Dr. Robert Cantu, a Pennsylvania neurosurgeon and expert in brain injury, recently suggested that football players practice without helmets. His logic was that players would be forced to learn to avoid head contact while playing the high contact sport. Coaches disagree with him and say that they already stress to their players the importance of avoiding traumatic brain injury in the game, a Meadville Tribune article reported.
Coach Mark Matlak of Allegheny, Pennsylvania told the Tribune, ‘I think that every coach in America is trying to teach safer tackling, trying to keep the head out of tackling techniques.’ However, concussions still occur at an alarming rate among youth football players. Recent attention on head injuries in the NFL has led to increased awareness, training, and concern over young football players.
Matlak added that coaches and trainers use specific training techniques to insure that players know how to properly engage others in the game with a minimum of head contact. The head coach at Conneaut Valley High School, Scott Hoover, said, ‘We go through it every year. We hit bags, we show proper form and position of the head’”always have the head up instead of leading with head down,’ the article reported.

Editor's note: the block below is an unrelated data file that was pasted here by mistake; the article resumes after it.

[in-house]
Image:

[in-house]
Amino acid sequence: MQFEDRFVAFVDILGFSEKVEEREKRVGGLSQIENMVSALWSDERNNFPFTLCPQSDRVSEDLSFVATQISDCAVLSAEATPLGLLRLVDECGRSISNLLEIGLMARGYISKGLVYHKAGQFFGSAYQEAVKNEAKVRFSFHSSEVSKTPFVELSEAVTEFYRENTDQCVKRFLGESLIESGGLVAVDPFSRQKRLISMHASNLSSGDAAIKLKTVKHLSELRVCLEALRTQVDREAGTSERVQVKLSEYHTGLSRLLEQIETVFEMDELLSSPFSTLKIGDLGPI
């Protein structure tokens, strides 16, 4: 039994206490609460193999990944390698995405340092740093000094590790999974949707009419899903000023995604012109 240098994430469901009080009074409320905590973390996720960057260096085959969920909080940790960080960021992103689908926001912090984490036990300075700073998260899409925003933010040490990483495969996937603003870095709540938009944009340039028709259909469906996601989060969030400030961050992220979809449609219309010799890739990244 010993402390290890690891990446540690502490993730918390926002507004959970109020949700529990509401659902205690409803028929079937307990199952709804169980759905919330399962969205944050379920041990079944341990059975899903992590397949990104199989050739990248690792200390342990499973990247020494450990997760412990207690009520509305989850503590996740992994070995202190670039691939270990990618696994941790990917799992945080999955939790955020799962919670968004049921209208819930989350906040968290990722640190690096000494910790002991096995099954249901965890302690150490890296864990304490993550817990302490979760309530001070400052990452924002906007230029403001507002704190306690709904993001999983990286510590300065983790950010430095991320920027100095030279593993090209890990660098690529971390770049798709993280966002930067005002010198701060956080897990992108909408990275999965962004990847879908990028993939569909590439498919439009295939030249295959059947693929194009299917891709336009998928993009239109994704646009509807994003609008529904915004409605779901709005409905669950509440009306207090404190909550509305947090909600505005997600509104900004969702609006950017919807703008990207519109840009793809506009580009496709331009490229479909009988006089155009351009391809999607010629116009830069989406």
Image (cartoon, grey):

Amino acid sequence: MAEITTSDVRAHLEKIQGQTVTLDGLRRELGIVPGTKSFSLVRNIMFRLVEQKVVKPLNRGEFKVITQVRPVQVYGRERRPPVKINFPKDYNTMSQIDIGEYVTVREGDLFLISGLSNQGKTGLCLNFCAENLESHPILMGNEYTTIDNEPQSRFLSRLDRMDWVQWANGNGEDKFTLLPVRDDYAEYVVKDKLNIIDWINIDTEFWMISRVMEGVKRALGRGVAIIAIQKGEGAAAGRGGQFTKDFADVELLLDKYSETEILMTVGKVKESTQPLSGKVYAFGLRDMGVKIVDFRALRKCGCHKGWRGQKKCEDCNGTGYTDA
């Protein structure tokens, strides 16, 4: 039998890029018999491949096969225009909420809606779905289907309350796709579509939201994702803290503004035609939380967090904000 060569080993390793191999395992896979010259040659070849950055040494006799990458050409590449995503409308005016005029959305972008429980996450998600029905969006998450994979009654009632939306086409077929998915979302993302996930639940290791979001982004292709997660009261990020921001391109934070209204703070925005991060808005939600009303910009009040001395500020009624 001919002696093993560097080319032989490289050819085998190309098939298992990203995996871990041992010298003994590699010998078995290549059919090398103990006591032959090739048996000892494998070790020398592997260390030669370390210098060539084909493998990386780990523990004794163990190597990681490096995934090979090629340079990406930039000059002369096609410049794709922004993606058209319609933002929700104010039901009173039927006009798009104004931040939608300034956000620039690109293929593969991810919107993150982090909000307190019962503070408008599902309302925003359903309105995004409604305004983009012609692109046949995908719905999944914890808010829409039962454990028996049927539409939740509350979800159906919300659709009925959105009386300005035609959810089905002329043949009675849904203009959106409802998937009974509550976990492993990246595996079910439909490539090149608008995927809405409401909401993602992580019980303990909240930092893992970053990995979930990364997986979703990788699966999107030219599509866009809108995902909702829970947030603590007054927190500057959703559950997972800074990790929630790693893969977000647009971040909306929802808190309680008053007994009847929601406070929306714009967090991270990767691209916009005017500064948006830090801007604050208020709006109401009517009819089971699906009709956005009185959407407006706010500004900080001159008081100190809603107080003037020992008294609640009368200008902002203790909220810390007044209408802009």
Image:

The coaches did note that players sometimes do not report head injuries. Coach Pat Gould told the Tribune, ‘Sometimes kids don’t do their part and don’t let you know what’s going on. The kids want to play and they think they’re fine. That’s a problem with the sport. It’s a tough guy sport. Everyone is going to have a bump or a bruise.’ The NFL has recently gone to great pains to eliminate the tough guy attitude from the sport. After all, a person suffering from multiple brain injuries no longer displays the same machismo as he could before the injuries. Getting a brain injury is far from being a tough guy.
Cantu disagrees with the coaches about the role of the helmet in football. He suggested that the helmet is used as a tool for tackling and ramming other players, which poses a significant head injury risk. Regardless of Cantu’s suggestions, coaches in Pennsylvania insist that helmets are necessary and vital to practice.
Chiodo, Pete. (April 4, 2010) ‘Local coaches’ viewpoints differ from brain injury expert.’ Retrieved on April 6, 2010 from the Meadville Tribune Web site:http://meadvilletribune.com/sports/x1687698573/Local-coaches-viewpoints-…